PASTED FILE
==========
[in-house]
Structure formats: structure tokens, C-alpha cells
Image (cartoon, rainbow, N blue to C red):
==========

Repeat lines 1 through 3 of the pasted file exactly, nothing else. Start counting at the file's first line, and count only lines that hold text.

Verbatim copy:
[in-house]
Structure formats: structure tokens, C-alpha cells
Image (cartoon, rainbow, N blue to C red):